After our last practice at Kita Matsu where the various sensei clustered around each of us and argued in Japanese- I assumed it was about how atrocious our technique was- I was given to Otseka Sensei (the senior member of Esaka dojo under Esaka himself. Two hours later all he could say to me as I bowed profusely in thanks was"Gambate". (Do your best.)
We trudged home on our various train connections, all of us looking a little bleary and worried. The next day we were to meet at 7am to get to Kamata on the 8:11 train.
That night we were awoken by a pretty substantial earthquake. When I finally got back to sleep I had this strange dream that took place in a kennel. The guy running the place said "You probably want to keep your shoes on."
I said "It's too late now."
The dream was vivid. I could feel the mud between my toes. We came to a fenced in area. There was crazy person doing iaido with a steak knife. He was clearly deranged. I kept my distance until one of the orderlies tried to stop him and he started slashing madly. Blood. Fingers. I woke up shaking, my own blood pumping.
I Finally fell asleep again and woke up with a start at 6:55. If I missed the others I would never find the school where we were testing which was 45 minutes and multiple train transfers away.
I grabbed my sword and gi and ran. Luckily I met up with the rest of the “Gang of Gai-jin” at the convenience store on the corner of Namidabashi Chome. We made it to the testing sight, a school gymnasium. Since we are members of Esaka dojo we had to help set up all the chairs and tables.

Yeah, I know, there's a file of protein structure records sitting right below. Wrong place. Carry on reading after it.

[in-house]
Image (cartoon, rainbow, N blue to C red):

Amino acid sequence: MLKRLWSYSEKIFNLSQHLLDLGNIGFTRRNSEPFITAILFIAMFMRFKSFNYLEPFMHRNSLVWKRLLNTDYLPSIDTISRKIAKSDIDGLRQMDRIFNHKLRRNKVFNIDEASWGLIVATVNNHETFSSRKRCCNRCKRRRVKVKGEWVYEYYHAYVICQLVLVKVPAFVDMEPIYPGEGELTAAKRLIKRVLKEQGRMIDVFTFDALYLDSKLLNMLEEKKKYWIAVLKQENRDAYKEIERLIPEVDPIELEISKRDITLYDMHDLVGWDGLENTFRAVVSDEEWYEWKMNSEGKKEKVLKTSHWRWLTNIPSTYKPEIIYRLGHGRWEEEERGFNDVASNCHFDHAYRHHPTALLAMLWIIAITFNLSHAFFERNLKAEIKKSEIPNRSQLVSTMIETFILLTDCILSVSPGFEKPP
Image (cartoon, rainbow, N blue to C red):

More than a hundred people were testing. They began to arrive. A hundred people with swords on their shoulders. Mostly men, a few women.
It began. There were speeches. We sang the National Anthem, (me faking it.) Esaka Sensei spoke. We did the written test.(the only thing I was sure about- I can memorize.)
We were given our numbers. I was 213. The 2 denotes I was going for Nidan. The 13 meant I was the thirteenth oldest person testing for that dan. (213 also happens to be the sail number I had for my Helmsman test in Boston!) I was pleased to note there were a few older than I. Including the fellow I had been practicing with at Esaka dojo, an elegant gentleman- his street clothes were of the finest quality- he even wore an ascot- like Esaka Sensei. I later found out he lived in Indonesia
The Shodans tested first, then came my turn. It is very quiet- except the whistle of swords. Each person bows in on the side and then the groups of 5 march out to their prescribed lines and start their wazas. You must begin and end each one behind the line but under no circumstance are you to look at the line.
I started with Zengogiri, of course, and moved thru Mae and (surprise surprise) Yaegaki. Yaegaki seemed so long.
I then did Junto sono ni and began Shihoto sono ni. Somewhere in my mind I realized my group were all finished and I still had the full waza yet to do. So for three minutes or so, I was the only person moving in this room filled with swordsmen. "At least I didn't rush." I told myself.
The other dans tested after that. Some incredible Godans, most of them already Sensei at their own dojos.
Then we wait. The judges deliberate. We are called back in for more bowing and speeches.
The results are announced. Many did not pass. Mostly people going for Yondan and above. They serve us nice little bento boxes which we devour.
The "Gang of Gai Jin" take a couple of trains to Yoyoji Park and drink beer and play frisbee with some other gai-jin English teachers. We head home.
In fact in his closing speech Esaka Sensei gave commendations to all us gai jin for coming all this way and having our technique be so good- I think he was guilt-tripping the Japanese and he apparently singled me out for my "calmness". He gave no commendations to anyone else publicly.
Luke told me that one sensei even leaned over to his wife during my test, pointed to me and said in English "Perfect."
That Sensei later introduced himself to me and asked how long I'd been practicing. When I said "Seven years." he shook his head in disbelief. I'm not sure what that meant but I think it was good.
So I'm now a "recognized beginner."